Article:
Conclusion of the lawsuit …

For 10 days in court, the defendants tried every possible way to weaken us mentally and psychologically. For much of that time, they tried to get me to agree to a settlement. At one point we had an agreement, but then they changed their minds. Again and again they tried to sap my strength. At times I could not take it any longer and wanted to throw myself down the stairs and commit suicide. Fortunately, I remembered the story of the bitter cup that Jesus asked God to take away, but which he swallowed anyway because it was God’s will. I found strength whenever I thought of this.

I will never forget the statement one of the defense attorneys made at the end of the trial. He said, “If an American makes a mistake, he will admit his wrongdoing, but a Chinese will shift responsibility to others.” What an absurd statement. When we came out of the courtroom, I went straight to him and said, “ I hope God forgives you.” He was shocked and backed up several steps.

In the end, two black women in the jury were on my side. A white American female juror came and apologized to me. She said she was sorry she hadn’t insisted on taking my side because she was under so much pressure from the other jurors. According to the law, if the jurors cannot move past a 9 to 3 split in their decision, the judge must declare a mistrial. She realized that she could have given me another chance to fight again in court if she had been brave enough to hold fast to her opinion. I was grateful and moved by her honesty.


Intriguing verdict …

Several minutes before the verdict was announced, an incident took place. The defendant, Frank, the attorney who had “represented” me in the purchase of the motel, asked to negotiate with us. He said he was going to give us $50,000 and help me file a lawsuit against the other defendants. Indeed, just minutes before the verdict was announced, it felt as if things were going our way. The jurors had invited my attorney to a post-trial picnic. Nobody expected we would lose. Losing was totally contrary to what people expected.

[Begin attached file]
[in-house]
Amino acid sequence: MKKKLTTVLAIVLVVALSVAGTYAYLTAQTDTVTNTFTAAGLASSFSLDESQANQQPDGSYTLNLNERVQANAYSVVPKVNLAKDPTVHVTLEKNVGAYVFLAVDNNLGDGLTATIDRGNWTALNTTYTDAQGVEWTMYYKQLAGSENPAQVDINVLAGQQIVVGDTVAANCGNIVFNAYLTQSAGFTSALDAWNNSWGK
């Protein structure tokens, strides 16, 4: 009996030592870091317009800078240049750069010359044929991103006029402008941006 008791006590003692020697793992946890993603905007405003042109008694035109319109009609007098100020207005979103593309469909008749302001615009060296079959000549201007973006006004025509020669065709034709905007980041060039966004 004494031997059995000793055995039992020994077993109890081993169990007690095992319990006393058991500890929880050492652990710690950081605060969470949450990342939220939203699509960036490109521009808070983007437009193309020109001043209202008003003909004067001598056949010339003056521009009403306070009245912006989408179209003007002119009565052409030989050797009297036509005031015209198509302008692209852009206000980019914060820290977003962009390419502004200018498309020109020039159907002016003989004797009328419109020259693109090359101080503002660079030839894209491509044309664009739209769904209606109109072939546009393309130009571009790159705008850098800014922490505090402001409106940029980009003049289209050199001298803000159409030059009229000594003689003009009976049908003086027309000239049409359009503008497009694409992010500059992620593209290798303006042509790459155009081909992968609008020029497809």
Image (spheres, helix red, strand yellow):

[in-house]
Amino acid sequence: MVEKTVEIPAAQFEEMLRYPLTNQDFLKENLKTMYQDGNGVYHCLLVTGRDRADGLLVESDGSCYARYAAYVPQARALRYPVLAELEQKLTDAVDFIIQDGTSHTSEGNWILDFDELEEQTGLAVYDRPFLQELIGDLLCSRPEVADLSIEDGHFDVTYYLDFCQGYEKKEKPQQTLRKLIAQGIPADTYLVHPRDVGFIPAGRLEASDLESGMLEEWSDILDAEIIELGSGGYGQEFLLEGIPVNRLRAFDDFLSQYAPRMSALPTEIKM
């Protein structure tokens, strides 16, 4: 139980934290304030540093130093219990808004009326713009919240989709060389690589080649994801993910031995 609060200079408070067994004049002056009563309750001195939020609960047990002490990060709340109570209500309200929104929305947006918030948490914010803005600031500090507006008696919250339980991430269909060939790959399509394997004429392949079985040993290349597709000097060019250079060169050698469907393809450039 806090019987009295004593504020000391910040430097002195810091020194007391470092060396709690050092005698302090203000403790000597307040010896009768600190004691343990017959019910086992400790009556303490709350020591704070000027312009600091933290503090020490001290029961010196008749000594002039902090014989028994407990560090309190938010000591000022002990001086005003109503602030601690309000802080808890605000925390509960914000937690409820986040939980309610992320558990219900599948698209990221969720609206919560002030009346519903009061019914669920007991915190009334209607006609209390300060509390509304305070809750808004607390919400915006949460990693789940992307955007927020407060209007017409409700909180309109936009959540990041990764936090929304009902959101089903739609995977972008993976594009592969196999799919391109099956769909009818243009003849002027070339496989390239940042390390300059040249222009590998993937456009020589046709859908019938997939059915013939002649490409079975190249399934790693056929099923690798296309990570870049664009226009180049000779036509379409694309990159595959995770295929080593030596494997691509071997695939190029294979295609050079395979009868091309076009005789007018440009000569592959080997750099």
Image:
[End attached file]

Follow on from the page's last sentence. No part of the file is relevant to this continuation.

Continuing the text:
We were later told that all the defense attorneys were afraid they would lose the case. For instance, Frank’s attorney, who was defending him on behalf of the insurance company that would be required to pay his share of a judgment in my favor (My recollection is that I had sued for $10 million at my attorney’s recommendation; if we won the suit, “triple damages” would have kicked in, making the defendants’ collective liability $30 million, which their insurance companies would have had to pay) offered Frank $100,000, on behalf of the insurance company, if he would take responsibility.

Later, my attorney appealed the verdict, but although the appeals judge refused to reverse it, he ordered the case sealed.

I believe the judge held the key to the verdict in his hand. He did not allow one-third of my evidence to be presented to the jurors. Every day he kept shouting “overruled” to my attorney. There was only one exception. It was a day when we had a well-known, highly regarded lawyer as an expert witness. I still remember what a nice day we had without hearing “overruled.”

A case outside of our case …

A year later, I received a phone call from the Internal Revenue Service. The IRS agent asked if I had given Frank the $50,000 that the court had awarded him, in response to his counter suit, when I lost the case. I told the agent that I did not have the money to pay him, but that even if I had it, I would rather throw it away than give it to Frank.

The IRS agent confirmed that on the day the verdict was announced the insurance company that represented Frank had indeed offered Frank $100,000 if he would take responsibility.

Frank had failed to include it in his reported income. The agent was trying to find any additional unreported income. To me, this confirmed that the other defendants were worried they would lose the case. The question was who turned our winning case into a losing one …

To be continued…